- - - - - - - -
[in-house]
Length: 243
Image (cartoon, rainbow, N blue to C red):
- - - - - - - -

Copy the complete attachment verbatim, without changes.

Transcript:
[in-house]
Length: 243
Image (cartoon, rainbow, N blue to C red):